It is an unfortunate mistake to assume that by burning Zimbabwe, the international community will intervene.  The international community only intervenes when there are invited, there is a humanitarian problem and for peacekeeping. They do not function as an elaborate fire brigade.  In addition, the truth is that if, God forbid, Zimbabwe burns the nay sayers will escalate their racist voices, I can hear them pipping through even as I write this - “they had a good country and the native ruined it.” This is all Zimbabwe will get, no intervention, just a slanderous ridicule of black rule. Mugabe is an example to racists of what happens under black rule, as if white rule is inherently benevolent. When Ian Smith made the Time Magazine cover of November 5, 1965 is was not because life for black people was the best for Africans in Africa - it was because of the shocking racist mentality that the magazine was titled - "Rhodesia's Ian Smith." Ian Smith's full blown racist war against majority rule created a more astute and determined Mugabe.
I do not support the idea that Mugabe is a representative of every African, as much as white people have argued that racists do not reflect tall of them, thus democracy in Zimbabwe should not be done in such a way as to feed the racists with much fodder for their theories on blackness, by ruining Zimbabwe the whole theory of black government destruction is played up.
Given this backdrop the only solution for Zimbabwe is election politics, with the demand of a non-regional monitoring force.  Protest after protest will only lead to escalated tensions and bitterness, and ultimately the use of the army.
That said, in the interest of peace in Zimbabwe and the region:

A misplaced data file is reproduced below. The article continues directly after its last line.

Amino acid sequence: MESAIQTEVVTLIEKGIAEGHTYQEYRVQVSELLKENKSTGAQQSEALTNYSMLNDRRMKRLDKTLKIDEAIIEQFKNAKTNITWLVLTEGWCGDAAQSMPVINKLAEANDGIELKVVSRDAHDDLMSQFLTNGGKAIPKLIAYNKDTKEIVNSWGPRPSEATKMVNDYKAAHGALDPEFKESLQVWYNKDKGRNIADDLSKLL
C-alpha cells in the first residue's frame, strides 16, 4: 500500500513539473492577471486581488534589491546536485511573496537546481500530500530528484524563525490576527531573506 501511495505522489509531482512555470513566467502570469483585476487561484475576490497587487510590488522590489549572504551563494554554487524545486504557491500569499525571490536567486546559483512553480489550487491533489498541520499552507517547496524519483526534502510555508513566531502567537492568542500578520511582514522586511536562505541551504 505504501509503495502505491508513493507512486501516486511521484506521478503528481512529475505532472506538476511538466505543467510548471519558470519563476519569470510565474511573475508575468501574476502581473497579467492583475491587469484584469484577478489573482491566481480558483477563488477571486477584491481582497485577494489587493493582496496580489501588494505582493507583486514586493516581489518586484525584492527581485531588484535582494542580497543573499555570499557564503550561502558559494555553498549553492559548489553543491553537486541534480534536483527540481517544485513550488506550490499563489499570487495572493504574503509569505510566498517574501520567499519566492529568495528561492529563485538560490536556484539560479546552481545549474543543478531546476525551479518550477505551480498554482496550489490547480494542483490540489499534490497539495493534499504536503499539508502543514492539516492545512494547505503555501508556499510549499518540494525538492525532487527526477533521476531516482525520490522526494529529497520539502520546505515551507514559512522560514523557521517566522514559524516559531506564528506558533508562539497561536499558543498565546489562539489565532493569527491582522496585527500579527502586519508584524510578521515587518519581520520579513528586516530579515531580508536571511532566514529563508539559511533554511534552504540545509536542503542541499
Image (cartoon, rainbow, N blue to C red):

I would like to see Zimbabwe grow from this process, and not for Mugabe to become a scapegoat for all its problems. Lets encourage democracy in Zimbabwe in an open and constitutional manner, not an anti-Mugabe manner. If the man won the 2013 election, then the protests should be channeled towards democratic election education of the Zimbabwean populace and a culture of election politics ( debates, cucauses etc); not protests, strikes and subversion to shut down Zimbabwe.
Why is it that when a Western country is in trouble the international community does not encourage protests, social anxiety and civil unrest?
I would like to see the former colonizer United Kingdom play a much more robust and intelligent role in Zimbabwe. For one, they should offer viable solutions to their former colony outside of Mugabe this, Mugabe that, and no better place is this than in an amendment to the Lancaster Accord of 1979.
If Mugabe can make a promise that 2018 will be a free and fair election, Zimbabwe should be given some credit lines and Humanitarian Aid for the survival of Zimbabweans. The promises of the United Kingdom to fund the land redistribution in 1979 should be guaranteed for a new Zimbabwean government post-Mugabe, based on the guidelines of the first Lancaster Accord. The New Zimbabwean government after Mugabe should insist on a second Lancaster Accord that is based on the promises of 1979 not merely election reform. The discussion that Mugabe is not good, is no longer a relevant one - what is relevant are concrete constitutional safeguards for a new Zimbabwe by all stakeholders.